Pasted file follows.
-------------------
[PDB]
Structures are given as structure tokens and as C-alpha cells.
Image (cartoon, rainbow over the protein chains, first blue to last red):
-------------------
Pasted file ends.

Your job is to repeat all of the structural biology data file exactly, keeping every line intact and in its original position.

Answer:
[PDB]
Structures are given as structure tokens and as C-alpha cells.
Image (cartoon, rainbow over the protein chains, first blue to last red):